Twitter’s job cuts in November under Elon Musk’s leadership may have become notorious, but it kicked off a cascade of firings across the tech world. Companies are now facing the stark reality that the industry’s explosive year-on-year growth had not, in fact, been sustainable.
Soon, Meta, Amazon and Microsoft announced layoffs of their own, and they’ve now been joined by Google. Reuters reported that parent company Alphabet has cut more than 12,000 jobs today, amounting to six per cent of its overall workforce.
In a staff memo, CEO Sundar Pichai explained that the firm hired rapidly in recent years “for a different economic reality than the one we face today,” adding, “I take full responsibility for the decisions that led us here.”
The move affects teams across Alphabet globally (and are effective immediately in the US), including recruiting and certain engineering and product teams, along with “some corporate functions,” Reuters reported. Pichai said in the memo that the company has already emailed affected employees, with the process taking longer in other countries due to local employment laws and practices.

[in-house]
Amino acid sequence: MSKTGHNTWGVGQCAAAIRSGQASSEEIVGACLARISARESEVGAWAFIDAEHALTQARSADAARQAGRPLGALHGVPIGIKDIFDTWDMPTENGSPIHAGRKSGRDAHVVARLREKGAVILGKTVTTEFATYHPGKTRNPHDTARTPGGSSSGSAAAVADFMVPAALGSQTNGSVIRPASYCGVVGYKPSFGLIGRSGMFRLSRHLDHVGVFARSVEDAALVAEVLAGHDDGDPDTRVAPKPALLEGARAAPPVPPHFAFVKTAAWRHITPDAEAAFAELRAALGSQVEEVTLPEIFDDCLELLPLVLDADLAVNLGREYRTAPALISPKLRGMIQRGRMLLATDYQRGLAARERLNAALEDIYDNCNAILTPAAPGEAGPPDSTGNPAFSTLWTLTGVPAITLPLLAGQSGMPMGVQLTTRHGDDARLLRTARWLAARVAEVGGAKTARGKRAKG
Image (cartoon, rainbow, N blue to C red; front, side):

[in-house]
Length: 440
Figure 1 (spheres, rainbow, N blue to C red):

Microsoft had laid off 10,000 employees just days before; both companies have recently invested in generative AI, with Microsoft in particular pouring money into OpenAI, the creator of DALL-E and ChatGPT.
“I am confident about the huge opportunity in front of us thanks to the strength of our mission, the value of our products and services, and our early investments in AI,” Pichai said in the memo.
[ SOURCE ]